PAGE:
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Ted spread says credit crisis dead Print E-mail
Friday, 24 July 2009

by John Goff

Finance chiefs, buck up: a whole lot of signs out there right now seem to indicate that the capital crisis may finally be letting up.

I know, you've heard this one before. But really, look at what's going on. For starters, corporate debt issuance has skyrocketed of late—at least compared to where it's been for a while. Non-investment grade bonds are trading way up from way the were at the beginning of the year. And interest rates on those speculative issues have gone way down.

Thus, junk bond issuers—businesses in bad straits, generally—have been able to borrow money at less-then-usurious rates.Such a development seems to show that lenders are no longer freakin' freaked-out by the possibility of widespread bankruptcies—not even widespread bankruptcies in the shabbier neighborhoods of junk bond issuers.

"There was pricing of tremendous systemic risk in the marketplace at the beginning of the year," Cam Albright, managing director of fixed income for Wilmington Trust's Investment Management, told Reuters. "A lot of that has been taken out of the market and that risk has also come down dramatically."

But perhaps the surest sign that the credit crisis has just about run its course is the ever-dwindling Ted spread (see chart above, courtesy of Bloomberg). The Ted spread, for those of you who have limited hard drive space—and I include myself in that group—is the difference between interest rates on 3-month Treasuries and three-month futures contracts on Euro dollars (represented by Libor).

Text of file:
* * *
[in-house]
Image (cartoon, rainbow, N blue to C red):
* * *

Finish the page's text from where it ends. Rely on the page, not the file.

In essence, a wide Ted spread indicates a lack of confidence in counteparty risk. A narrower one tends to indicate concerns about credit risk, since liquidity is being taken out of the system. Put it this way, it's not a good thing.

The point is, back on October 10, 2008, back when the financial contagion was reaching epidemic proportions, the Ted spread hit a record high of 465 basis points. As of yesterday, the spread was 0.3 percent.

"The traditional barometers do register significant improvement from where they were six-to-12 months ago," William Sullivan, chief economist at JVB Financial Group, told Reutuers. "The most obvious one is Libor rates: you have seen a substantial decline."Of course, it could take time before the job market improves. The same can be said for the housing market, although the news today showed that home prices are starting to rebound.

The housing sector won't really pick up until banks start offering mortgages again.

Still, given what's happened over the past few years, cautious mortgage lending may not be such a bad thing. And until then, finance chiefs may just find it easier to line up a loan or two.

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